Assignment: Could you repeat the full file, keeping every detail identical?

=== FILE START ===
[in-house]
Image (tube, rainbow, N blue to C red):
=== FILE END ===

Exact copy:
[in-house]
Image (tube, rainbow, N blue to C red):